Triton – the future of maritime domain awareness
Brought to you in partnership with Northrop Grumman
When the Global Hawk unmanned aircraft took to the sky for the first time on a calm California morning in 1998, the gathered crowd were not aware they were witnessing the future of maritime surveillance.
Sporting a unicorn-like nose and US Air Force markings, the ungainly-looking machine carried out a 56-minute first flight that has since become a key milestone in the origin story of today’s MQ-4C Triton.
‘Triton’s on-station time and range enables unmatched awareness of the maritime battlespace by sustaining the common operational tactical picture (COTP) for surface warfare and the Overseas Contingency Operation,’ according to the US Navy.
The MQ-4C Triton programme of record took a further step forward in May 2019 when manufacturer Northrop Grumman was awarded a contract for the delivery of long-lead items for the production of three LRIP Lot 5 Tritons for Australia and the US.
The programme of record ultimately calls for Northrop Grumman to deliver 68 aircraft to the US Navy while Australia plans to buy six.
‘With the Triton’s large wingspan, it’s able to stay aloft for 24 hours, above 50,000 feet. The sensor suite has the ability to detect, track and identify targets of interest,’ Doug Shaffer, Vice President and Programme Manager for the MQ-4C at Northrop Grumman, explained to Studio.
‘It starts with electronic support measures, the ESM system for electronic detection of ships. It has automatic identification systems, AIS, to understand who the actual ship is. It has a Multi-Function Active Sensor radar to detect at long ranges.
‘You pull that data together to understand what the intent of that vessel in the ocean is. And then to get positive identification, we have the [MTS-B] electro-optical infrared sensor to actually put eyes on target. That information goes to a ground station where the navy disseminates that information to different parts of the globe for the commanders to make decisions.’
The MQ-4C Triton has had multiple enhancements to optimise the platform for the maritime surveillance role, including reinforcements to the fuselage and wing, de-icing systems and lightning protection, allowing it to descend and ascend through cloud layers to get a better look at targets of interest.
The platform also features a new sensor in the form of the AN/ZPY-3 Multi-Function Active Sensor (MFAS). A 360-degree field-of-regard active electronically scanned array radar designed for maritime surveillance, the MFAS uses a combination of electronic scanning and mechanical rotation, allowing it to spotlight a geographic area of interest for longer periods to increase detection capabilities of smaller targets, particularly in sea clutter.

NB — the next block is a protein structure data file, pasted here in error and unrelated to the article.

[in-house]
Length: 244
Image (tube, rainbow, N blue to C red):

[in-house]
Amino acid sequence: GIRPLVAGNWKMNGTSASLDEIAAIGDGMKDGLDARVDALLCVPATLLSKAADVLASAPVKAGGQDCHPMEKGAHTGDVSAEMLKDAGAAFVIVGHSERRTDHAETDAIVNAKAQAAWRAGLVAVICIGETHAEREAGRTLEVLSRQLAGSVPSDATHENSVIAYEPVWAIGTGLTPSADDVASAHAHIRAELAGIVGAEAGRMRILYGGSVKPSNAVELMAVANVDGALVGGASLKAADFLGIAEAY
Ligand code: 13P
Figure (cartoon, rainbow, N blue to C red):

Triton’s full sensor suite allows areas up to 2,000 square miles to be monitored at a time.
One key feature of the MQ-4C is its ability to team with the P-8A Poseidon multi-role maritime patrol aircraft, with the ultimate aim of P-8A crews being able to operate the sensor of a Triton on operations.
The Royal Australian Air Force (RAAF) is looking at such a teaming concept when it begins operating its first MQ-4C in around 2023.
Air Cdre Craig Heap, commander of the RAAF’s Surveillance and Response Group, told Shephard earlier in 2019 that the Triton and P-8A were part of a wide area surveillance family of systems, which were conducting similar roles but each optimised in a different area.
‘The Triton is certainly optimised for long-range, persistent reach, with tremendous fidelity in its sensors to enable it to locate assets, to locate contacts at extreme range; and then inform a response, which is really the P-8’s role – to respond to whatever the Triton can find,’ Heap explained.
He noted that as well as the traditional warfighting roles of ASW and ASuW, the platform was suitable for humanitarian assistance, disaster relief, search and rescue, and general maritime and overland ISR collection.
‘One of the key things is that the Triton will be a tremendous asset in the initial response for humanitarian assistance and disaster relief, and also in a search and rescue scenario, given its range, and the fact it – along with that multi mission, manned/unmanned teaming concept – can guide a bunch of manned assets in with a response to certain situations.’
Shaffer highlighted the fact that with the Global Hawk used around the world by the US Air Force since 2001, amassing more than 250,000 flight hours, a smooth path was paved for the Triton programme.
‘That lineage allowed us to develop the most sophisticated air platform to meet the Pentagon’s requirements around the globe,’ he outlined.
‘As a high-altitude platform optimised for the maritime surveillance role, Triton provides and enables the surveillance of huge swaths of the globe. You think about how vast our oceans are – finding out the intent of every vessel on those oceans, you need a platform like this. At the end of the day, this is about providing near-real-time data to mission commanders around the globe to help them in their decision-making process in the battlefield.’
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